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Issue Eight

Apex Festival Cal Look Drag Day Australian Special Features Kustom Tiki


Air Monkeys Magazine The Air Monkeys Crew: Joe Eynon • Editor • Feature Writer • Photographer Samantha Eynon • Deputy Editor • Feature Writer • Photographer/ Illustrator Edd Thorpe • Techincal Focus Editor • Feature Writer John Hilton • Layouts Ed Kellas • Feature Writer

For those of you out there with some inside knowledge in self-publication, creative writing or design you’ll understand how much hard work goes into making a magazine such as ours. I’m not attempting to gain more admiration, that’s not why we do what we do, but trying to shine some light on the people that help us. On the left is a list of team members and contributors. As you can see we’ve got some new members recently and that the same names crop up every issue. These people are dedicated to the cause. We want to give you a magazine that gives you all that you want at none of the cost. We enjoy what we do so why should you pay! We now have regular contributors in Australia and America and have a growing fanbase throughout the world. We are so proud to be bringing you a lot of features from down-under in this issue.

Richard Thorpe • Proof Reader • Feature Writer

If you feel like you could give us something, whether it be show reports, sourcing vehicle features, writing a blog/ diary each issue or just advertising in our magazine then please get in touch. We would love to hear from you.

Nikola Woodhall • Proof Reader

This magazine is yours so why not custom make it!

Martin Cox • Photographer Scott Mitchell • Feature Writer • Photographer Contributors: Albino Jacks, Josh Ashley, Holly Booth, Danny Bullock, Reece Chapman, Laura Clowes, Jason Cooper, Tom Davies, Christopher Eccles, Kat Hawke, Sam Maycock, Darren McDonald, Ross Naumov, Chris Nichols, Rothfink, Pete Salter, Scott Savage,

all work subject to copyright laws

Joe Eynon Editor Joe and Sam have become a 2 VW couple with a watecooled edition to their fleet!


What’s inside? Regular Features Feature Vehicles Spanked! Cool Sh*t Tasty Tees Technical Focus Earworm Shop Tour Show Reports Photo Focus

Apex Festival

Sweet rides at Stanford Hall


Slammed panel van

Tattoo Freeze and Campermart

Jussi 33 tattoos


Feature | Growl and Grandeur

Our friends at Growl & Grandeur needed a hand with the photo shoot for their latest clothing range. We gladly helped and roped in Si Medlicott with his and his girlfriends, Jess De Sousa’s, awesome bus to make a day of it. Rick Nunn shares his images from the day from the Birmingham shoot.


Feature | Growl and Grandeur


Feature | Growl and Grandeur


Feature | Growl and Grandeur Thanks to models Emily Alice Johnston and Suicide Girl, Kats and Crows.


The new range of Growl and Grandeur clothing and apparel can be found at www.growlandgrandeur.com You can also find them on Facebook, Twitter and Instagram. Keep an eye out for the awesome Snapback caps also. Out Soon!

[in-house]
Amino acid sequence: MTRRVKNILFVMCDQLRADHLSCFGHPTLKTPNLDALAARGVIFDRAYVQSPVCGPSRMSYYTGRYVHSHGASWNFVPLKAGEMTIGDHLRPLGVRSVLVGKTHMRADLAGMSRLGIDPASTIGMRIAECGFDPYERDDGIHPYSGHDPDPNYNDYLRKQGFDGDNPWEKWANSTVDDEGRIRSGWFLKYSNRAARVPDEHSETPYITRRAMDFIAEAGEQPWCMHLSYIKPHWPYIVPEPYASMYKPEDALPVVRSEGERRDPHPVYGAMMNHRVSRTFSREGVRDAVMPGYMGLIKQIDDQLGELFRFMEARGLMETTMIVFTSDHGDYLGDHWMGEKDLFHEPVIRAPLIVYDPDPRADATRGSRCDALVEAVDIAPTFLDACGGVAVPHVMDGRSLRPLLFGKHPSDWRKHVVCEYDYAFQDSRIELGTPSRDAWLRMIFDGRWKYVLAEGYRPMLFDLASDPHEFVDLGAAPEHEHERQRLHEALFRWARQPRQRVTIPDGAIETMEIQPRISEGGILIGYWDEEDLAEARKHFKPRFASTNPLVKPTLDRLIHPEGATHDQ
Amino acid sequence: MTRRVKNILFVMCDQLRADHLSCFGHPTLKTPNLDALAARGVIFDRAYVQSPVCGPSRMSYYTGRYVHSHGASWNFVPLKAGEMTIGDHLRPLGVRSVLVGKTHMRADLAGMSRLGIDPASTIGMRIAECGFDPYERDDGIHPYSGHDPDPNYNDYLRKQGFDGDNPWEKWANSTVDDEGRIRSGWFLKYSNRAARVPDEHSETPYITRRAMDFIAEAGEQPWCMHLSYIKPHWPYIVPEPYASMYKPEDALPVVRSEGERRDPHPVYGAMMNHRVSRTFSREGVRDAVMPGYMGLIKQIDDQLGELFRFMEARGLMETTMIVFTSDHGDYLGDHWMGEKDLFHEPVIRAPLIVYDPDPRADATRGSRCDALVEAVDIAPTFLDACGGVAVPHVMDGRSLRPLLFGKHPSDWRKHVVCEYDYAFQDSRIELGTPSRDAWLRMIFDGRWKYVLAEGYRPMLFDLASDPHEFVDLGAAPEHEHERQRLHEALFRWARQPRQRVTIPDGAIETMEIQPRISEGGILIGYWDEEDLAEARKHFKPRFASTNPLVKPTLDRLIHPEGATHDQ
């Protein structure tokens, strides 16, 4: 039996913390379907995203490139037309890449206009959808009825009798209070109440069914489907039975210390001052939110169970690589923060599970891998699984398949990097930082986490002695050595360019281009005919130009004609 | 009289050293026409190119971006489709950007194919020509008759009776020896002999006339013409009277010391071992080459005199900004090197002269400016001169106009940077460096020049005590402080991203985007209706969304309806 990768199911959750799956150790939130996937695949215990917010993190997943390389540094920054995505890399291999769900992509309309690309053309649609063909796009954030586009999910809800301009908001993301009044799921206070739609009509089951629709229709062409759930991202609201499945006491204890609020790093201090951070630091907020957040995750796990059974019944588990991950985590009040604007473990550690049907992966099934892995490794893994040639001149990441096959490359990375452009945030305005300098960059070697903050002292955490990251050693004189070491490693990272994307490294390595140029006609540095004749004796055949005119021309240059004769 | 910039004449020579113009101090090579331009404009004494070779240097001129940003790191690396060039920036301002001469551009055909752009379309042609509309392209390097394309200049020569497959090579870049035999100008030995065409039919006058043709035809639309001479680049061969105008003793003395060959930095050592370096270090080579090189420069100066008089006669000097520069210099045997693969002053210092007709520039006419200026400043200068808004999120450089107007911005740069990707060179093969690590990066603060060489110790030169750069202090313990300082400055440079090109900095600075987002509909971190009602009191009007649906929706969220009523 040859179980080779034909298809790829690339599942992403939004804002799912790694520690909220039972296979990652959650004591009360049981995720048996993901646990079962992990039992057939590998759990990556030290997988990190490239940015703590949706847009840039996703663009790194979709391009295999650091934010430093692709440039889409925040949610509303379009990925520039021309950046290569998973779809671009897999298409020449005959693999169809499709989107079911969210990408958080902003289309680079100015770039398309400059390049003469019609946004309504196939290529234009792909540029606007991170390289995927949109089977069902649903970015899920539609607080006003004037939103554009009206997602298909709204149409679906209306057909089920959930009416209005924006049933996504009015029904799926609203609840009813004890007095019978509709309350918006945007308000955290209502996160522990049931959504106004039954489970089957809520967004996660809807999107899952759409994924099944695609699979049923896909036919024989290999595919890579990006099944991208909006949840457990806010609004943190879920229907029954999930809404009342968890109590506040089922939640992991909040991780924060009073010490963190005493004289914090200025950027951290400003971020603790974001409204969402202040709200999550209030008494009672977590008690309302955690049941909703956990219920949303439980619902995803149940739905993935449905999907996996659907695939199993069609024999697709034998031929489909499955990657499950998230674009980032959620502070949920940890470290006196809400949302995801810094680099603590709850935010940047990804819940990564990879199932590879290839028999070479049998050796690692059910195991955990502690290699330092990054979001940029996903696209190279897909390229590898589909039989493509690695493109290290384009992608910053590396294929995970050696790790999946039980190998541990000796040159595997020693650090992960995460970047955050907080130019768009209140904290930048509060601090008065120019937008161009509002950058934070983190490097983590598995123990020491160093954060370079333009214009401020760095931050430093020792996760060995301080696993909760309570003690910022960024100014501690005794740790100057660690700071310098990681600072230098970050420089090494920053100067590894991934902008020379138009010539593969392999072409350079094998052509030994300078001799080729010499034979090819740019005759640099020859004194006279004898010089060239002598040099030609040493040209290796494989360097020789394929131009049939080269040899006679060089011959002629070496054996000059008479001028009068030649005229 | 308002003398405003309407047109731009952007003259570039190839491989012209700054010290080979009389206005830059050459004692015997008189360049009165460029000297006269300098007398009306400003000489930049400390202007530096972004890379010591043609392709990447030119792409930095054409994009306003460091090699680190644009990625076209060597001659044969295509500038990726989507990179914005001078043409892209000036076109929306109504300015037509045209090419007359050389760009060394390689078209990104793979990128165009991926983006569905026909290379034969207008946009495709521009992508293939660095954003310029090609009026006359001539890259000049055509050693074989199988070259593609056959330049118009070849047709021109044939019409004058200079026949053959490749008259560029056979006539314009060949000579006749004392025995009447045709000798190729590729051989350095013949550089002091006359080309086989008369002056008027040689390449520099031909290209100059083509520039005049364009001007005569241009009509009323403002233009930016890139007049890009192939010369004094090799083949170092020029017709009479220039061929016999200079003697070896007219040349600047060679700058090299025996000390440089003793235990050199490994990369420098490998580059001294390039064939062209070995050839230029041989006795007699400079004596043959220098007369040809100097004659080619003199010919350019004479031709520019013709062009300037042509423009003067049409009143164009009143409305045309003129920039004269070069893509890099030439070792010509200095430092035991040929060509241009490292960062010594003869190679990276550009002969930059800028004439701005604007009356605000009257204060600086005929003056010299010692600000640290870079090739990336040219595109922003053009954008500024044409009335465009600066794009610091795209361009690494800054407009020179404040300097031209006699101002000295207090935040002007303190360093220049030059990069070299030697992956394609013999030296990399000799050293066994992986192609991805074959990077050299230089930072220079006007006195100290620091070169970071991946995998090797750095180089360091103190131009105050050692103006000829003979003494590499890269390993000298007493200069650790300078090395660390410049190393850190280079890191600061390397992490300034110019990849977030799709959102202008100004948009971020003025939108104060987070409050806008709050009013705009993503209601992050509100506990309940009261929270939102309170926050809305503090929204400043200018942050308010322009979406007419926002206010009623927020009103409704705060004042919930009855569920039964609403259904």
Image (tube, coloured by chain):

Feature | Growl and Grandeur


Show Report | Apex Festival


O

n the 18th of May Ed Kellas and myself headed to the far corner of the UK, near enough in France, to see what the Apex Festival was all about. There was a lot of hype surrounding this years show and sometimes that can over-power a small event but every time a new attraction was announced to be taking place at the small race track near Dover the excitement just grew and grew. The show was held at the Lydden Hill Race Circuit in Kent. A prime location as it was only a few miles from the channel tunnel terminals and ferry ports making it easy for European visitors to make the trip over. The race circuit is the UK’s shortest road racing circuit at exactly one mile long. It is used throughout the year and even though it is small it is well known to be a challenging track with many undulation changes and tricky hairpin bends. It is mainly

used for European and British rally cross championship events, truck racing and drifting competitions. For this weekend though the air cooled Volkswagen scene did what it does best. Invades and takes over! The Saturday was race day with racing from championship and trophy events including the famous Beetle Challenge, Single Seater Formula Vee’s and an assortment of VAG and Retro classes. With a good size grandstand there you could uncomfortably perch on the edge of your seat whilst tyres squealed and paint scraped! The racing was organised and run by Lydden Hill itself which allowed for not only a seamless trouble free event but it was done safely and responsibly. With voluntary marshals on track and passionate organisers facilitating it was great to see British grassroots motorsport in action. If you didn’t fancy just sitting and


Show Report | Apex Festival


watching the action then you could even have a few laps on the track in your car behind the pace car. This proved very popular with a vast array of cars on track from modern VAG cars to high top splitscreen buses.

<uncomfortably perch on the edge of your seat whilst tyres squealed and paint scraped!> Some of the racing was brilliant to watch. One of the highlights of the track action was the Forge Motorsport Golf which was being used in the UK for the first and only time before being shipped to the states to compete. Another one of my favourites was the Escort Mexico. The driver of the fast Ford was obviously having a brilliant time as he was showboating at the hairpin

in his tail happy retro machine. Airmighty and Cool Flo organised a cruise over the channel from mainland Europe which included Nick’s Autohaus from Belgium with some crazy cars. The Hayburner crew were present with all their magazines there for you to help yourself to. Another major attraction was the Barndoor Camp Out organised by Mr Barndoor himself, Rikki James with help from Airmighty, Cool Flo and Hayburner. A large lineup of Barndoors greeted you when you walked through the show area. From pristine gleaming buses to an example on a trailer with more air than metal in the sills. It was still amazing to see though. With the brilliant barndoors on display you would be